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South Fayette boys soccer established among WPIAL’s best |

South Fayette boys soccer established among WPIAL’s best

Christopher Horner | Trib Total Media
South Fayette's Nick McKee battles Montour's Luc Nolder for a header during their game Tuesday, Oct. 7, 2014, in Robinson. South Fayette won, 3-2, on a header by McKee.

The South Fayette boys soccer team has come a long way in the last four seasons.

When the current crop of senior Lions were freshmen, South Fayette finished 3-12-1 overall with a 2-8 record in Section 5-AA, good for fifth out of six teams.

In the three seasons since, the Lions have a combined record of 49-15-4, and have lost just five regular-season section games.

While the seniors recognize all they’ve been able to accomplish in their time on the field, it’s also hard not to think about what could have been, senior midfielder Nick McKee said.

“I love this senior class,” he said. “It shows how hard we’ve worked from freshman year being (3-12-1). You look back on it and realize how good we were and how close we were, and you’re proud of that. But at the same time, you realize you missed out on a championship.”

This season South Fayette was eliminated in the semifinals of the WPIAL Class AA playoffs by South Park — the eventual champion — a year after losing to section rival West Allegheny in the WPIAL championship and two years removed from another WPIAL semi-final exit.

But by reaching the semifinals, the Lions got a chance at redemption and advanced to the PIAA playoffs. They eventually lost in the semifinals to Lancaster Mennonite, 2-1 in overtime, but a 1-0 win over West Allegheny in the quarterfinals left the Lions as the last WPIAL team standing.

“It’s nice having the state playoffs,” McKee said. “We definitely were disappointed with the WPIAL playoffs. We had a championship or bust attitude after losing there last year, but we lost to a great team in South Park.”

The members of the team took the elimination from the state playoffs equally as hard as the WPIAL playoffs, but Eldridge wanted his players to hold their heads high, knowing they had a good season.

“The day or two after the last game, you go through that reflective process, and I think that eats at all the boys, the staff included,” Eldridge said. “But at the end of the day, we’re proud of our accomplishment.”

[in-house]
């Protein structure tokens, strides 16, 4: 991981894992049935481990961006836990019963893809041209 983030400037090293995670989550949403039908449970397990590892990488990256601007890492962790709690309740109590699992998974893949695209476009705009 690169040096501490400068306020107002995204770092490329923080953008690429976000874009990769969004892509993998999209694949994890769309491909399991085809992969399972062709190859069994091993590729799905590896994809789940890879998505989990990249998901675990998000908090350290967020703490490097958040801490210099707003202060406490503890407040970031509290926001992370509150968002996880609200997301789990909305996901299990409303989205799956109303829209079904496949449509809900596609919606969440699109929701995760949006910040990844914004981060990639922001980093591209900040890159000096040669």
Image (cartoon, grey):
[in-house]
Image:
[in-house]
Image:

Before the season, Eldridge said that it was his goal to prove that South Fayette is a program that will contend year after year for the WPIAL title. In the last three years, no player contributed more to that goal than McKee, a three-year captain.

McKee is the only player in Eldridge’s coaching history that he has appointed captain as a sophomore, Eldridge said.

“My captains have to possess strong leadership skills, and I would describe Nick as being a gifted leader,” Eldridge said. “He’s obviously going to leave a huge opening in terms of the leadership vacuum that’s going to be presented to our returning players.”

Plenty of outsiders took notice of McKee’s importance as well, as he was named to the All-Section, All-WPIAL and All-State teams this season.

With McKee moving on, Eldridge expects some of his juniors, like defenders Mitch Ford and Priamo Pershietti and center midfielder Zack Ali, to take up the mantle of leadership, both on and off the field.

McKee also expressed confidence in his team’s ability to continue what his class started four years ago.

“I think South Fayette will have a strong team next year and in the future,” McKee said. “Coach has built a great program here, and now there’s an expectation to win.”

And yet, a difference remains among the team’s observers between that expectation to win and a demand for championships.

Since the end of the season, colleagues and other members of the community have sent Eldridge nothing but congratulations recognizing the fact that the program has reached at least the WPIAL semifinals each of the last three years, he said.

“When you think of South Fayette, it used to be that you’ve got to be prepared, because they’re a tough team and will give you a good game,” Eldridge said. “Now, I think we’re mentioned along with these programs like South Park, Quaker Valley and West Allegheny that are yearly contenders.”

South Fayette was one of three WPIAL semifinalists from Section 5, along with West Allegheny and Quaker Valley.

Reaching the playoffs is an even more difficult task when competing in Section 5, but those challenges have helped the Lions find success once the postseason begins, McKee said.

“Section 5 has been proven to be the best section in Class AA, and I dont even think it’s close, with (South Fayette), Quaker Valley, West Allegheny, Montour and even Obama,” McKee said. “I would prefer to be in that section than another one where you go undefeated and crush all your competition but don’t learn how to play a full 80 minutes.”

Gary Horvath is a staff writer for Trib Total Media. Reach him at [email protected] or via Twitter @GHorvath_Trib.

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